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Best Practices | Sep 2016

Assessing Corneal Biomechanics

The importance of these properties rests primarily with their effects on IOP measurement.

Glaucoma can be defined as a progressive optic neuropathy, with characteristic morphologic changes of the optic nerve head and nerve fiber layer. Elevated IOP is the major modifiable risk factor for the development1 and progression2 of the disease. The Goldmann applanation tonometer is currently the gold standard for measuring IOP. In first describing their applanation tonometer, Goldmann and Schmidt discussed the effect of central corneal thickness (CCT) on IOP as measured by the new device.3 They felt that variations in corneal thickness occurred rarely in the absence of corneal disease but acknowledged that, at least theoretically, CCT might influence applanation readings. It has since become apparent that CCT is more variable among clinically healthy patients than Goldmann and Schmidt ever realized.


• Corneal hysteresis (CH) is a direct measure of the cornea’s biomechanical properties and may more completely describe the contribution of corneal resistance to IOP measurements than central corneal thickness alone.

• Researchers found that a lower CH was more associated with progressive visual field loss than was a lower central corneal thickness. In another study, CH was associated with the risk of progression in patients with normaltension glaucoma.

• A prospective crossover study suggested that CH may at least partly explain asymmetry in primary open-angle glaucoma.

• Differences in corneal biomechanics may indicate more generalized structural differences between eyes.

Studies by Von Bahr showed large variations in CCT within a healthy population,4,5 and research by Ehlers and coworkers demonstrated that this variation in CCT had an effect on applanation-measured IOP.2 Many studies have since looked at the influence of CCT on IOP measurement, with most agreeing that measured IOP rises as CCT increases.6 CCT alone, however, accounts for only a small proportion of the interindividual variation in measured IOP.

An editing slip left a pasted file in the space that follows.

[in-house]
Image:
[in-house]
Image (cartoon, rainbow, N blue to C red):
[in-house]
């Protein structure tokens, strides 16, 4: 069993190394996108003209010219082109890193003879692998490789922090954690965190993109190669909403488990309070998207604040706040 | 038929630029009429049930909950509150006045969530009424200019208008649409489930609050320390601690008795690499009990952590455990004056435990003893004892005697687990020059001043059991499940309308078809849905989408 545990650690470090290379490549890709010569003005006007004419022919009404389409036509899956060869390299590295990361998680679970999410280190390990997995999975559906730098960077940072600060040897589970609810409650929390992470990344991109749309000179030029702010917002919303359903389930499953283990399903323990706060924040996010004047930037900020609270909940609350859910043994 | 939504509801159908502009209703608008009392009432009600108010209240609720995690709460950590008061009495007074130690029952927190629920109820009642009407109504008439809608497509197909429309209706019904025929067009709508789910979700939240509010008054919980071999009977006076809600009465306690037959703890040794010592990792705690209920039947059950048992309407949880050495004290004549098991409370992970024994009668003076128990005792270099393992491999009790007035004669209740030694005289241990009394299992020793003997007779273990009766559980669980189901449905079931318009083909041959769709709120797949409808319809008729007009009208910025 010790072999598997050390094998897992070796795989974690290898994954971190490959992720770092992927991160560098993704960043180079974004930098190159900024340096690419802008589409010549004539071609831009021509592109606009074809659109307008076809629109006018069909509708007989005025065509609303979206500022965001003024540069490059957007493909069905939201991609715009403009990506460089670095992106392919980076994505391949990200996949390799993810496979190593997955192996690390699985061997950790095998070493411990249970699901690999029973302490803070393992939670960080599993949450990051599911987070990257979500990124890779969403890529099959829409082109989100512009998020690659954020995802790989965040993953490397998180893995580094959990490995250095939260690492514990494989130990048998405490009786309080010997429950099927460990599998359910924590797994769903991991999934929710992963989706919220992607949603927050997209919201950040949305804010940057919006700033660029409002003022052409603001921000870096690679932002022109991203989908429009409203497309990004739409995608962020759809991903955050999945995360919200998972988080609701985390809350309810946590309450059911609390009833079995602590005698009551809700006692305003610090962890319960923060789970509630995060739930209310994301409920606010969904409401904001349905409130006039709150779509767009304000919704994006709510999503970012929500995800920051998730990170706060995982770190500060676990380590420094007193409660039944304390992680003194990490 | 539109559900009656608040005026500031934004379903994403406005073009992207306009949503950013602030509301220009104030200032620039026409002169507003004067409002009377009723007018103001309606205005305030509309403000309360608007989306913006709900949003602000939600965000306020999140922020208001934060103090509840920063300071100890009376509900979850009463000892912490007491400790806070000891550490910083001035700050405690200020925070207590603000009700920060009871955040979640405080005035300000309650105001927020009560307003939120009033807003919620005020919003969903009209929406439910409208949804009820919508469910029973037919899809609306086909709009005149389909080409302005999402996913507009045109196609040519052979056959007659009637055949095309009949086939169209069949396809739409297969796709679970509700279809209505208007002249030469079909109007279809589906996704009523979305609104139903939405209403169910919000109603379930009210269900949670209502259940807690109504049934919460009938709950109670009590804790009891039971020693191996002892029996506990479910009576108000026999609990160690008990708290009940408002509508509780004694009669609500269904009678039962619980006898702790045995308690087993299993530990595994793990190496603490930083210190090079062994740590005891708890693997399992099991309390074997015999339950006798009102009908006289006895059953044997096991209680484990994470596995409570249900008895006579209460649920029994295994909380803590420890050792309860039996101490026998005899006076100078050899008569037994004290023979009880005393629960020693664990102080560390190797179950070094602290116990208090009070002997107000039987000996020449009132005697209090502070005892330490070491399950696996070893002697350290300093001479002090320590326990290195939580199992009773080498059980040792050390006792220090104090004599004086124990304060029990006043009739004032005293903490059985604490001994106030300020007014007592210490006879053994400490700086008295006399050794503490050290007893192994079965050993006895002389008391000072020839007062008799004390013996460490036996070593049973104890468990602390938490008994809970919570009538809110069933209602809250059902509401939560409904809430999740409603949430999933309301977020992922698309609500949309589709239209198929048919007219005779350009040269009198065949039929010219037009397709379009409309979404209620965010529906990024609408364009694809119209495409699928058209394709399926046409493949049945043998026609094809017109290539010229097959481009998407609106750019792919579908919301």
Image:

Goldmann applanation tonometry measures IOP by flattening the cornea, which is not neutral in this measurement. Liu and Roberts showed that factors affecting corneal resistance include structural considerations such as the amount of rigidity produced by the way the collagen beams in the tissue line up.7 The “bendability” of corneal tissue can also be affected by short-term factors such as the presence of corneal edema.

The Ocular Response Analyzer (ORA; Reichert) measures the corneal response to indentation by a rapid air pulse. The principles of the instrument are based on those of noncontact tonometry: the IOP is determined by the air pressure required to applanate the central cornea. The ORA takes two measurements of the corneal response to the pulse of air: the force required to flatten the cornea as the air pressure rises (force-in applanation, P1) and the force at which the cornea becomes flat again as the air pressure falls (force-out applanation, P2). The difference between the two pressures is termed corneal hysteresis (CH).

CH is a direct measure of the cornea’s biomechanical properties and may more completely describe the contribution of corneal resistance to IOP measurements than CCT alone.8 There are now several hundred publications on the subject, many of which validate and support the use of CH in glaucoma care. Among the first studies to demonstrate the clinical utility of CH as a risk factor for glaucoma was a retrospective report of 230 glaucoma patients and suspects.9 The goal of the research was to identify associations with progression. A lower CH was more associated with progressive visual field loss in this study than was a lower CCT.